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DCAAP Uncovers Black History Collections for Research

Over the past three years, GW has been home to the D.C. Africana Archives Project (DCAAP). Funded through a generous “hidden collections” grant from the Council on Library and Information Resources (CLIR), DCAAP is a collaboration between GW, Howard University, the District of Columbia Archives, D.C. Public Library, Historical Society of Washington, D.C., and the National Museum of American History to arrange, describe, and make more widely available records documenting the history of African American and African diaspora populations in the District of Columbia.

Portraits and pictures of weddings and events from the Scurlock Studio Records, AC618 at the National Museum of American History laid out for processing.

Over the course of this project, which drew to a close in December, more than 100 local black history collections across the six partner institutions were uncovered. These collections, which span from the 1790s to the present and document the richness of black life in the city, previously had either no or very little description and so were virtually unusable for researchers. Student processing assistants under the supervision of professional staff of the GW Libraries and its partner institutions, gained substantial experience working with these archival collections and helped to make this project a success.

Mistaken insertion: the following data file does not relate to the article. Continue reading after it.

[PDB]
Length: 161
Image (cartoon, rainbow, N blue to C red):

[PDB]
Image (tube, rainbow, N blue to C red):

“We are pleased that the DCAAP project was able to bring such rich historical materials to light,” said Elisabeth Kaplan, associate university librarian at GW and co-principal investigator on the project with Jennifer James, associate professor of English and director of the Africana Studies Program. “The diverse collections that our team uncovered really demonstrate the depth and breadth of African American life in D.C. We hope that making these collections available to the public—some for the very first time—will stimulate use by scholars, family historians, and a variety of other researchers.”

Recently uncovered documents confirm the presence of enslaved laborers at the Columbian College prior to the civil war.

As a result of this project, the District of Columbia Archives has a complete online listing of their holdings, many of which explore the changing demographics of the city over two centuries. Other collections processed as part of this effort include the Historical Society of Washington, D.C.’s oral history collection on the Black Arts in D.C. Survey, which chronicles the history of fine arts in the Shaw, U Street, Howard University, and LeDroit neighborhoods; the WANN Radio Station Records at the Smithsonian’s National Museum of American History, which chronicle the history of an Annapolis, MD-based radio station that served local African American communities; and the papers of Jeanne Spurlock, a psychiatrist who received her medical degree at Howard University and worked to analyze aspects of culture and race that influenced the treatment of mental illness. The GW Libraries described its Joel S. Bacon Letters on the Arnold Case, which hold some important truths about the role of slavery in university history.


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